2. Every residential renovation contract is to be taken to contain terms that any renovation works—
(a) do not render the unit unfit for the purpose of ordinary residential occupation;
(b) do not create any building safety risk;
(c) do not involve the incorporation of materials in the residential unit which are not as described in any approved plans;
(d) do not involve the incorporation of materials in the residential unit which are not of satisfactory quality;
(e) are executed with reasonable care and skill; and
(f) do not render the residential unit materially non-compliant with any applicable statutory requirement or with any applicable requirement of building regulations in force as at the date of completion.
4. A residential unit is fit for the ordinary purpose of residential occupation if it would be regarded as such by a reasonable person and taking into account—
(a) the ordinary costs of repair and maintenance of that residential unit by reference to that unit’s location and specific characteristics;
(b) any marketing materials provided before the sale of the residential unit in question; and
(c) whether that unit was marketed, designed or intended to be occupied by any particular class of persons, whether by age, by gender or by physical or mental disability.
5. For the purposes of this section—
(a) a matter is material if it would be considered material if known or discovered by a reasonable purchaser of that residential unit before completing a purchase of that residential unit on ordinary commercial terms;
(b) a design is of a reasonable standard if a designer of average competence would have produced the same or a similar design;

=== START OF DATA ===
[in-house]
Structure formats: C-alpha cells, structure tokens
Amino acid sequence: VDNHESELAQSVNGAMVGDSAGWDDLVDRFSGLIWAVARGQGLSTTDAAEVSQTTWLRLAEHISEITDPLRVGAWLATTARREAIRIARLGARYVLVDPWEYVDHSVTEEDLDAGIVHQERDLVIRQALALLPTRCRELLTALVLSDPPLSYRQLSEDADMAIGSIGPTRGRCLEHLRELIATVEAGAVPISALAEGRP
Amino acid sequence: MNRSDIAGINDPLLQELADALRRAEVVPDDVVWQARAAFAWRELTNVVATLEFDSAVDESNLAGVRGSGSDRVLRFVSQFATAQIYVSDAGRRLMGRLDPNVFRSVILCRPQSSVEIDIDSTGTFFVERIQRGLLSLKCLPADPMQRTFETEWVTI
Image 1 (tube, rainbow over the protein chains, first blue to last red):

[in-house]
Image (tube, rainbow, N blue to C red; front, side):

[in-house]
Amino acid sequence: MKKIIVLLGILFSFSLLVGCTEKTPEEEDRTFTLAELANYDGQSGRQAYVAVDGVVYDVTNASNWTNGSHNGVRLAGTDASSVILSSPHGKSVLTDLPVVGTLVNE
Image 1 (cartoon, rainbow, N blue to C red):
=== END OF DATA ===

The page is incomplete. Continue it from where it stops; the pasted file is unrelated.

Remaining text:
(c) a material is of satisfactory quality if it would meet the requirements for satisfactory quality of goods under section 9 of the Consumer Rights Act 2015; and
(d) a material is as described if it would meet the requirements for description of goods under section 11 of the Consumer Rights Act 2015.
The member’s explanatory statement states: “This new clause strengthens consumer rights for future buyers by requiring houses and flats to be built, and renovated, to reasonable standards of quality in a way which is compliant in all material respects with the law and with building regulations.” There is a further proposed amendment for mandatory insurance in respect of the Implied terms.
It is not yet certain that these proposed amendments will make their way into the Act but the concerns that have been expressed in relation to the extension of time limits to 15 years will be exacerbated by the additional time periods proposed here including the practicalities around document retention, available and reliable witness evidence and solvency and continued existence of parties involved after such a long time. Further the Implied Terms may well make an already hardened market even tougher. They are also following a general theme of expanding the scope of the Act to more than just buildings over 18m which is something we have seen in the draft secondary legislation which will accompany the Act in due course.
Beale & Co has been hosting a number of roundtables and discussions on the Building Safety Bill as the Built environment prepares for this new legislation so please do not hesitate to contact us if this is something that would interest your organisation.Download PDF